I was just back from the Navy in World War II; Spike was about to join the Navy. Anne, about a year old, had been crying for longer than we thought appropriate. We tried to reach a few other women friends of the family, but they, too, were in Brattleboro for the ski jumps. Anne continued wailing.
Then we thought of the telephone operator; she was sure to be a woman. The regulars at the Arlington switchboard were Ellen Hayes, a former high school chum, and Marge Doyle, who in a front room of her home had the big switchboard with all the wires. I cranked the handle on the big wooden box to which the black speaker and listening device was attached. Soon it was Number please with Ellen at the other end.
I told her of our dilemma. We had to soothe Anne before MiMi and Larry returned. It wasn’t the first time Ellen had been through the routine; she told me to put Spike on the phone to relay her suggestions as I picked up Anne and did as she advised.
Waltzing around, cradling the baby while singing low didn’t help (as could be expected of my singing), and we had already tried a fresh bottle of warm milk. But the house became quiet when I stirred up a cup of Pablum, two hours before scheduled, as Ellen advised. Baby Anne had a mind of her own, and she wanted dinner now. Our problem solved in less than 10 minutes. Try doing that with a Verizon connection today.
Reporters’ Best Friends
When I was newspapering in Alaska before statehood, I could dial an operator and give her the name of the party I needed to reach — even a party who didn’t have a phone. All that was needed was the name of a neighbor who had a phone. Then I’d hang up and the operator would call the neighbor, who in turn would notify the wanted party. I’d be called back by the operator when my party went to the neighbor’s phone.
Operators worked not just for the phone company. Countless others were at the switchboards of businesses, for there was no recorded voice mail in those days, just real voices that usually could track down the party called. Those operators too have just about gone. Among them was Miss Genevieve Thornburg, the boss at the Sunpapers’ mammoth switchboard. She was the hero of more than one newshawk at the Calvert Street headquarters. Many a job was saved by her maternalistic approach to her flock in the newsroom.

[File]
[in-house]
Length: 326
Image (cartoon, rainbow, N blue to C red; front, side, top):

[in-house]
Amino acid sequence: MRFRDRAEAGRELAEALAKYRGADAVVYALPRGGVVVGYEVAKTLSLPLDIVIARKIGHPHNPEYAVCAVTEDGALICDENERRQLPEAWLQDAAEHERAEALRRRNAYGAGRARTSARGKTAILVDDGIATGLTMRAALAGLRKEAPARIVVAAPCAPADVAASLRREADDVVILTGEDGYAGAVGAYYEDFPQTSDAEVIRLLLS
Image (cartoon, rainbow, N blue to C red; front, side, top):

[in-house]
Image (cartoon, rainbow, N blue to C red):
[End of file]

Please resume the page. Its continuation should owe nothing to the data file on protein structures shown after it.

If a bad night was coming up and one didn’t trust the alarm clock to fully awaken a wayward reporter in the am, it was just leave a wake-up call with Miss Thornberg or one of her crew. The phone would ring until answered, and a bit later there’d be a follow-up call to be sure the recipient hadn’t gone back to sleep. Those operators could be relied on for everything, including advice for a hangover.
Newsmen and women are supposed to be always available for calls whether or not on the clock, and not infrequently we were at places where we weren’t supposed to be. But had we confided in Mrs. Thornburg and her crew, they would cover for us when an impatient editor picked up his phone and told her to put us on the line. They would find us quicker than a cell phone can track you down today, and they’d never snitch.
You can have all the modern phones with their musical rings, phones that also play the latest tunes, take pictures, even offer video. Who knows what’s next, but the one thing they can’t bring back is that reassuring Number please and the unsaid Leave the rest to us. That’s when a phone was more than a phone. It was a friend indeed.